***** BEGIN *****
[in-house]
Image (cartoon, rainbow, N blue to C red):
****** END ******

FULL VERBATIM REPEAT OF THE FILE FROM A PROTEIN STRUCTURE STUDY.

[in-house]
Image (cartoon, rainbow, N blue to C red):